Digital transformation requires people with an appetite for disruption

Digital Transformation Banner

By Brett Roberts

Digital transformation involves using digital technologies – such as the web, cloud, mobile, social media, the Internet of Things and analytics-driven personalisation – to re-shape and improve customer interactions, business models and financial returns. An important focus area is the provision and ongoing enhancement of customer experiences that are multi-channel, data-driven and digitally-enabled.

Ideally, such changes allow organisations to embrace and exploit the exponential rate of technological change for the benefit of themselves and their customers. This often entails a shift in organisational ‘rhythm’ away from a steady, sustained marathon-like jog towards something that more closely resembles orienteering.

The agents of digital change

In a sense, the Datacom Digital, Customers and Collaboration team is at the sharp end of digital transformation. Put simply, we exist to enable digital business: everything from web design and build, mobile innovation and app development to implementing data analytics, business intelligence, Customer Relationship Management and collaboration technologies, such as Microsoft SharePoint.

As you would expect, we help customers with technology design, build, deployment and management, and deliver related big picture strategic advice and consultancy. We understand the critical roles these play, but a major part of what we do is help organisations to operationalise digital innovation – i.e. make transformation ‘stick’.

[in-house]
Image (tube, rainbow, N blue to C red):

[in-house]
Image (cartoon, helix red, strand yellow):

Time and time again, we’ve found that the single most important factor for long-term success is the people within the organisation. They operationalise the new technologies and processes; the enhanced customer experience. They need to adopt, embody and express the new mindset that accepts and embraces the new world of constant, or at least hastened, change.

This means that, wherever you start on your digital transformation, you should focus on your people first and foremost. A new Datacom white paper, available free for download here, examines the implications of this and provides guidance on how to do it. It focuses on four people-related areas: recruitment, leadership, change management and culture. Below is an excerpt from the paper, on recruitment.

An appetite for disruption

Hiring the best candidates is a perpetual challenge, full of risk and opportunity. If you take the best, then your competition is left with the rest – and vice versa. But in the new digital world, the best people may not be who you are looking for or who you already have on board.

Lean Startup author, Eric Ries, said: “The modern rule of competition is whoever learns fastest, wins.” In other words, you need to recruit smart people who you can teach to do anything, and who can thrive amid disruption. You need people with varied, hybrid abilities. You might think this means hiring a cohort of digitally-minded Millennials, but digital skills can be taught. What you are after is rarer: attitude on top of aptitude – which can exist in people of all ages.

For example, my team regularly interviews candidates for senior developer roles. We look for technical proficiency, of course, but favour people with the ability to have an engaging conversation with a customer about their business issues over those who are more technically skilled but unable to talk outside their domain.